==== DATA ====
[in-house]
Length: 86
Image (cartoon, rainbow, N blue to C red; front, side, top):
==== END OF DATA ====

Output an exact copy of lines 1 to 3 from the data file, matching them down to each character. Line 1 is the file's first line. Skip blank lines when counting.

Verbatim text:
[in-house]
Length: 86
Image (cartoon, rainbow, N blue to C red; front, side, top):